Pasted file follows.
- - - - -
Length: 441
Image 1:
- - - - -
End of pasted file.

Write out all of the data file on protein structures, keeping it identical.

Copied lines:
Length: 441
Image 1: